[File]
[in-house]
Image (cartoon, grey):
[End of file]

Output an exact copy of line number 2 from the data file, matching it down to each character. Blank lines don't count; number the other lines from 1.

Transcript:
Image (cartoon, grey):